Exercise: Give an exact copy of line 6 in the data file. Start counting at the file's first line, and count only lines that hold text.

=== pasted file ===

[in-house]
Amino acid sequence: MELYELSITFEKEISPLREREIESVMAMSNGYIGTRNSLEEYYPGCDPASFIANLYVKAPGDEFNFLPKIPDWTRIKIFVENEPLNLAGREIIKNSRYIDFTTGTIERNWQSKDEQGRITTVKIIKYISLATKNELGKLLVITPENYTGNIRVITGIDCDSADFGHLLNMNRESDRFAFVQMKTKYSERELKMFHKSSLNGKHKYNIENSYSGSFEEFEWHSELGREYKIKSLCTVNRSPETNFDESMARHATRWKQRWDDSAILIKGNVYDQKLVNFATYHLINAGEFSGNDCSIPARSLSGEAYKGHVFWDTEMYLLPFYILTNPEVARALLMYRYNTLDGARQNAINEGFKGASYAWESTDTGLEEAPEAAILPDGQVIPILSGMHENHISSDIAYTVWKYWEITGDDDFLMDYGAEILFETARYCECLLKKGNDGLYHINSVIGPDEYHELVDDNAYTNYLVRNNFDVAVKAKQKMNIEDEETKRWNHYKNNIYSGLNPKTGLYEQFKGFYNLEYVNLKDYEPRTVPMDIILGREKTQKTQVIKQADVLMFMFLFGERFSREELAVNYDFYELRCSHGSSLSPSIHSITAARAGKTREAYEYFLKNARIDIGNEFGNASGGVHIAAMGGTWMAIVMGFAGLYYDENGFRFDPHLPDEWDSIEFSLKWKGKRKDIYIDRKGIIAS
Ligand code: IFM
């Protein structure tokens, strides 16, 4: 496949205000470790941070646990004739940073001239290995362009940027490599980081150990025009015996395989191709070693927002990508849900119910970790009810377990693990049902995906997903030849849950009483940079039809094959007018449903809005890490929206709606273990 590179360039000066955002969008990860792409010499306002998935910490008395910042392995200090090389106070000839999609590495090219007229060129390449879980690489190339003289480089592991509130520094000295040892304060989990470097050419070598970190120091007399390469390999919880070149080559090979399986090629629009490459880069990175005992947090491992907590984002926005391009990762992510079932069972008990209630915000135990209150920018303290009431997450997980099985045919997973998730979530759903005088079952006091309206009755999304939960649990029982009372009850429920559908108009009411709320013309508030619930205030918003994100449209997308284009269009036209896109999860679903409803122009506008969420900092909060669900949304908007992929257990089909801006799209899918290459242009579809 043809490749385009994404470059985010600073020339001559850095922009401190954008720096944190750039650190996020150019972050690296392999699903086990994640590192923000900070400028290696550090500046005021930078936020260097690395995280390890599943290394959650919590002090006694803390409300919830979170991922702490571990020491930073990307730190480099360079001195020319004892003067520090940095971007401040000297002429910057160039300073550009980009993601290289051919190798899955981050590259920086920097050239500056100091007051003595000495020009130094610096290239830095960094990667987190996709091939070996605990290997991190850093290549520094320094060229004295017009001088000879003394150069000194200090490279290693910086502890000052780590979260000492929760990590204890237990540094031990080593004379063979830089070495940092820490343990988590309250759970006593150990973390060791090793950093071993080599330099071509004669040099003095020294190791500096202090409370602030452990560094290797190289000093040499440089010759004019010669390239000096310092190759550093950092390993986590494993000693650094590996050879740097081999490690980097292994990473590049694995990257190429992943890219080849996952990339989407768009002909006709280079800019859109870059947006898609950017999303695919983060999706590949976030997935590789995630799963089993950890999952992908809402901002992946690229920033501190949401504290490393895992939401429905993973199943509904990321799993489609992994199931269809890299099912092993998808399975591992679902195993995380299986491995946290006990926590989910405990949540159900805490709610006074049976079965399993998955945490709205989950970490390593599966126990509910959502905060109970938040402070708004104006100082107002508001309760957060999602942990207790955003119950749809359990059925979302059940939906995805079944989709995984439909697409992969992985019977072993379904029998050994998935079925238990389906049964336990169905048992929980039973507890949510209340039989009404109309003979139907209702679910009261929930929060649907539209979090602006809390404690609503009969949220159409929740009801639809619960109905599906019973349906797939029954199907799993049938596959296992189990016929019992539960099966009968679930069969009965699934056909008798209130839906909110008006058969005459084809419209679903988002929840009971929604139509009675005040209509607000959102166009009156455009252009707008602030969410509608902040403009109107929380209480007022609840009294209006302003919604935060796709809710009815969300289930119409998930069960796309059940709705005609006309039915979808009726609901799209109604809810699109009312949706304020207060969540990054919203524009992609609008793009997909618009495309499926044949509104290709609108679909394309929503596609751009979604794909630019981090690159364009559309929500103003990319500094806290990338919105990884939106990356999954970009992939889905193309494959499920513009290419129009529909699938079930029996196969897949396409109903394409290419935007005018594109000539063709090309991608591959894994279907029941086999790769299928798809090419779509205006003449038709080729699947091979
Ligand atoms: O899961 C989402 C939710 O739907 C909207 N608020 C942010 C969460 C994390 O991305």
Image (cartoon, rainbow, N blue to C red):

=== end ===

Image (cartoon, rainbow, N blue to C red):